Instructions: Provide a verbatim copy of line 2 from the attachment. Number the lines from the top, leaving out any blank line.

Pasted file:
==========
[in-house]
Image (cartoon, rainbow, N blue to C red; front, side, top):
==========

Image (cartoon, rainbow, N blue to C red; front, side, top):